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There have been several enhancements in recent releases of BMC Remedy IT Service Management Suite, BMC Atrium CMDB Suite, and BMC Remedy
AR System Server that change where data is stored, how to customize the user interface (UI), and preserve those changes during application
upgrades. These changes include:
BMC Remedy IT Service Management moved asset management lifecycle attributes out of the CMDB to the AST:Attributes form
BMC Remedy AR System Server introduced granular overlays, see

The Pulse: Using granular overlays to manage customizations

BMC Atrium CMDB Suite addressed issues with the Synchronize UI feature, also known as Sync UI to Asset or cmdb2asset
In this post, I will discuss how these changes impact the guidelines for successfully extending the data model and customizing the user interface. I will
also try to put some issues and experiences in context of their role and best usage of these features.
Adding data to AST:Attributes in relation to CIs
In Asset Management version 8.0, asset lifecycle attributes such as those that track status and costs, those were moved out of the CMDB to the
AST:Attributes form. The Data structure change is described in more detail in the BMC IT Service Management architecture documentation. The
relationship between the CI and the AST:Attributes record is stored as a foreign key relationship where:
If the CI is not identified, Reconciliation Identity on AST:Attributes = Instance Id of the CI
If the CI is identified, Reconciliation Identity on AST:Attributes = Reconciliation Identity of the CI

The first case is temporary - once the CI is identified in the CMDB, the AST:Attributes record is updated to contain the Reconciliation Identity of the CI
and becomes available to the Asset viewer through the Asset Management application.
Below are different scenarios of how data is populated to AST:Attributes.
1. ITSM is upgraded from version 7.6.04 to 8.x
Once you upgrade to ITSM 8.x, the upgrade process moves the data from the CMDB into AST:Attributes records and removes the attributes from
the CMDB. Any workflow or integration referencing them can be updated after phase 2 of the ITSM upgrade which uses workflow to sync the
legacy attribute values to AST:Attributes. The third phase of the ITSM upgrade removes the legacy attributes from the CMDB.
2. An ITSM user adds a new CI from the Manage CIs feature, using an Asset Sandbox. (BMC.ASSET.SANDBOX)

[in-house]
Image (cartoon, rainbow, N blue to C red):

An entry is created in AST:Attributes with the instanceid of the CI. This is a temporary foreign key relationship until the CI is identified. When the
CI is identified by Reconciliation, workflow updates the AST:Attributes entry to have the correct value of Reconciliation Identity of the CI.
3. An ITSM user adds a new CI from the Manage CIs console, without using an Asset Sandbox.

The CI and AST:Attributes entry are created with a value of Reconciliation Identity to relate them.
4. A data provider like ADDM populates data to the CMDB.

The AST:Attributes entry is created when the CI is reconciled.


However, an AST:Attributes record is not created for all classes. Workflow checks if the class is in one of the classes which tracks asset lifecyle
attributes. This list is stored in the AST:ClassAttributes form and you can add new entries to the form if there are new classes for which asset life

cycle attributes should be tracked.


5. Data is loaded to Asset Management application from a legacy data import or third party integration.

Two different methods can be used - either the Data Management Tool with Transactional_CI spreadsheet or the process in knowledge article
KA400491.
6. In another scenario, data is loaded and reconciled in CMDB 8.1 and ITSM 8.1 is installed later on the system. How are the AST:Attributes records

created in this situation?


This can be done several ways. Either create a one-time escalation to create entries in AST:Attributes with default values, or export data from
CMDB to get the Reconciliation Identity and Instance IDs for the CIs, and use one of the above methods to import it with AST:Attribute data.
Determining the proper location of new attributes
Before defining a new attribute, consider where is the correct place to store it. Since there are two possible locations in the CMDB vs. on the
AST:Attributes form - you have to ask the question:
"Should it be added as a field on AST:Attributes or should it be added as an attribute in CMDB?"
Below are some criteria to make that decision:
Is the attribute discoverable from the CI itself?
Is it a property of the CI itself, or an attribute which is being track about the CI?
Will the data be primarily accessed using the BMC Remedy IT Service Management applications?
Using this criteria, if the attribute will be added to the CMDB, the process works the same as in previous versions - add it in Atrium Class Manager and
run Sync UI to update the AST form to make it visible to users of the Asset Management application.
If the field will be added to the AST:Attributes form, the process is essentially to add a new field to the form, and update the AST forms to expose it in
the join forms. The use of additive view overlays is recommended so these changes are preserved when you upgrade the ITSM applications. In the
example below, I added the field MyNewLifecycleAttribute to AST:Attributes and used Remedy Developer Studio to update the Computer System